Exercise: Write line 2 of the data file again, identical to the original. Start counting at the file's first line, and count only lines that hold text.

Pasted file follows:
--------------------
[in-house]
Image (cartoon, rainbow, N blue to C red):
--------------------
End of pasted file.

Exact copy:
Image (cartoon, rainbow, N blue to C red):